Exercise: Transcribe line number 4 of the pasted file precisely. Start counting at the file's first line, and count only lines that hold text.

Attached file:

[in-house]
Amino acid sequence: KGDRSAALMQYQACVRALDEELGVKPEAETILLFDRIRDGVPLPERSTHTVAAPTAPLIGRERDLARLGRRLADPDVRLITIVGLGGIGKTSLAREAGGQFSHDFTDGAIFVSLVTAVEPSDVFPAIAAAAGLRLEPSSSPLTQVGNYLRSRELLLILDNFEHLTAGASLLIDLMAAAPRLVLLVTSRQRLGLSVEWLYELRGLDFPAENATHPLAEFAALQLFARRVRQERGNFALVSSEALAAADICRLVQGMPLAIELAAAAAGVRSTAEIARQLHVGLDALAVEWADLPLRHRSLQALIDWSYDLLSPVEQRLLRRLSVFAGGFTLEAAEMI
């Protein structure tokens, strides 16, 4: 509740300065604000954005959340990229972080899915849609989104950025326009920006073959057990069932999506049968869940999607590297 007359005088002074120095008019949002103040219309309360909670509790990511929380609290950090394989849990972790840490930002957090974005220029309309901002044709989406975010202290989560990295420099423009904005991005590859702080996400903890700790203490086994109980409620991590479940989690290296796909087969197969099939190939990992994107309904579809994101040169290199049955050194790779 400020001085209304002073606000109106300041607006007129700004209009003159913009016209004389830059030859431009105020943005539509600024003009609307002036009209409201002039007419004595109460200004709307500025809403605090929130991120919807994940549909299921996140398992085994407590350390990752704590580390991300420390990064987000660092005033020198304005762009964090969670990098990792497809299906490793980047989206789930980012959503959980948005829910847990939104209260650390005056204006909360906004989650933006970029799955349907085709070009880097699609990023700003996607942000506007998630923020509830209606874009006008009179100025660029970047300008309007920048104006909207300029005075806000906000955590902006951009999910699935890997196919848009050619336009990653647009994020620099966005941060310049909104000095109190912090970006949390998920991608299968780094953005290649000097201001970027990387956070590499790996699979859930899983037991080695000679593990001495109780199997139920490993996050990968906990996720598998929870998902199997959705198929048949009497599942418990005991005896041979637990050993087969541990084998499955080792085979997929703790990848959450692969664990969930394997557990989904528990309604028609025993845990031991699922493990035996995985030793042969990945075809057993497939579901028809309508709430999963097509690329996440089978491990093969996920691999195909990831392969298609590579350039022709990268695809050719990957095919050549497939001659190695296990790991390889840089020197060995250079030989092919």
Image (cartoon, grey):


Image (cartoon, grey):